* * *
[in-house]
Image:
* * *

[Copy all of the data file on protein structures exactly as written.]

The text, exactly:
[in-house]
Image: